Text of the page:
Sometime after we were married, my husband and I started talking about timing for the “next step”–when we would have a baby. Although I started to have inklings of “baby fever” just a few months after the wedding, we agreed to enjoy the first year of marriage and revisit the subject around our first anniversary.
I don’t want to get into all the nitty-gritty details of our journey to have a baby. But I do feel like fertility problems are sometimes a little “taboo” or something, so I feel a certain responsibility to at least be honest about our experience. As we were going through it, we didn’t share our troubles with anyone. We really held onto the ideal, and wanted our families and friends to be surprised. Plus, I didn’t think I could handle people asking me about it, because some days, it was the last thing I wanted to think/talk about. There were days, sometimes weeks, that were extremely hard. In the end, our problem paled in comparison to the problems of others, but when you’re in it, every problem seems difficult to deal with–no matter how small or large.
Essentially, after being off birth control for 7-8 months (we weren’t trying during this time), my body decided to stop ovulating consistently. Coincidentally, my body stopped working right at the time we had decided to start trying to get pregnant. Last summer, I went 100 days without a period before my doctor gave me drugs to have one. We thought perhaps it was an anomaly, but in the fall, it happened again, and it became clear that we weren’t going to get pregnant if I couldn’t get my body working like it was supposed to.
After some evaluation, my doctor suggested Clomid. By this point, we were pretty frustrated since it had been months and we hadn’t even had a chance to get pregnant yet. In order to move forward and get the show on the road, we agreed to give the Clomid a try. My doctor told me that we had three cycles of Clomid to get pregnant before she would refer us to a reproductive endocrinologist (fertility specialist).
Long story short–Clomid was my miracle drug.
Our first Clomid cycle was a bust, and I was tremendously disappointed and discouraged. When the end of the second cycle was drawing near, I took a pregnancy test and got a negative–again. For whatever reason, I was more relaxed about the results this time, and went on with life. The next day, I tested again: another negative. Life continued to go on. Two days after that, my period was officially due. I took a third test, waited for two minutes, didn’t see anything (another negative, I figured) and went back to bed until the alarm.
When I got out of bed half an hour later and went to shower, I took a second look at the test and saw the faintest of faint second lines. I thought perhaps it was an evaporation line, and knew I couldn’t trust the results since the “testing period” had long gone, so I really didn’t think much of it at all. But I did say to Michael–”This is weird. There is something there, and that’s never happened before. If I don’t get my period today, I’m testing with the GOOD test tomorrow.” (So far, all the tests I had taken were Dollar Tree tests.)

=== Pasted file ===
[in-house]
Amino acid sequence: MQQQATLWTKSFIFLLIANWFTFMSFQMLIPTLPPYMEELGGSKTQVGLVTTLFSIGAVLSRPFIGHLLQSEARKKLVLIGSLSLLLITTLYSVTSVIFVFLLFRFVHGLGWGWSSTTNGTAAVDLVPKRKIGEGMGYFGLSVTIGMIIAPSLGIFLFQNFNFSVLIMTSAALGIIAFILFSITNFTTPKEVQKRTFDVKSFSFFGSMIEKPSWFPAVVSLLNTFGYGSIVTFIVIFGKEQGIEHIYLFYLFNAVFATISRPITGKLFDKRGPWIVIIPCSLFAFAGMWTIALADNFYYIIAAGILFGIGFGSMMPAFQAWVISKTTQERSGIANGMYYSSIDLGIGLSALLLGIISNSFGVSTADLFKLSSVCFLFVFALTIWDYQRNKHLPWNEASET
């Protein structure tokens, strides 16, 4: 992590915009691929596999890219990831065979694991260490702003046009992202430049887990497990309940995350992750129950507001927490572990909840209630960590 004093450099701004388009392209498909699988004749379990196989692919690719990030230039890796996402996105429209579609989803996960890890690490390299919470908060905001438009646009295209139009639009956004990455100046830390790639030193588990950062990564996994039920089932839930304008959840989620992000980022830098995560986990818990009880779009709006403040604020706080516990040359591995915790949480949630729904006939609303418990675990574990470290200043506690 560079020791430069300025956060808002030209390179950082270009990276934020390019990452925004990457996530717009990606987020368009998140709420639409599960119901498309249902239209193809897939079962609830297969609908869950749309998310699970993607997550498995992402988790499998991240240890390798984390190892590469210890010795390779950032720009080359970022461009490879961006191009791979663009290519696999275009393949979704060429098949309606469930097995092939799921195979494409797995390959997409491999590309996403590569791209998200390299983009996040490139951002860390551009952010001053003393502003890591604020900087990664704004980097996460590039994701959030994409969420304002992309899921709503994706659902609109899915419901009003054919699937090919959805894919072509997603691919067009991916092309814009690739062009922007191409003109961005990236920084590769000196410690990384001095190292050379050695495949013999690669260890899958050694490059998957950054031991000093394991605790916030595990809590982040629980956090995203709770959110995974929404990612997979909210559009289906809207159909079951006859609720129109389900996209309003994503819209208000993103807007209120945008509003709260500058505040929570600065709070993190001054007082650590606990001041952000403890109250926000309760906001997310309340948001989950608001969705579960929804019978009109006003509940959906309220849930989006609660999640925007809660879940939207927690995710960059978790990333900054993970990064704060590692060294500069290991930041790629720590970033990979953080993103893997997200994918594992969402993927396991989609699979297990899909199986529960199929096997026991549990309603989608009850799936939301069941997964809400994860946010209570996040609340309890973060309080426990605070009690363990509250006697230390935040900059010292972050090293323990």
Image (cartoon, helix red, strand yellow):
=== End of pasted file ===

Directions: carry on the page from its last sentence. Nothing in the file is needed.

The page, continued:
I never got my period. (Oh, and my chart? Possibly the most beautiful chart EVER, if I do say so myself.)
On Tuesday morning, we woke up together and I went into the bathroom to test. I broke out the “big guns”–a First Response Early Response. I took it, opened the door, and waited for the results with Michael. After a minute or two, I turned around, picked up the test, and started laughing. There were two lines, and there was no question about it. We knew then that we’re having a baby. I think we were both in shock. We laughed, we hugged, I cried.
Of course, I still wanted to “confirm” with a digital. Because I was apparently too giddy to read directions correctly, I accidentally wasted two digitals. They came up with invalid results. I was pissed! I just wanted to see the word “pregnant” pop up, was that too much to ask? Thankfully, the third (and last) digital test in the box worked, and I got my wish. “Pregnant!” From then on, it was real.
January 12, 2010 = Life will never be the same.
AboutI'm Heather. I just turned 30. I'm happily married, and mommy to the most beautiful little girl in the world (what, you're saying I could be biased?). Determined DIYer and homeowner. Sarcastic. A perfectionist. A bleeding-heart liberal. Frugal. Loves a little dog way more than many humans. Loves food, hates exercise (it's an ongoing battle). A loyal football fan. I love to laugh. Value family and friends above all else. Vie to be a world traveler.
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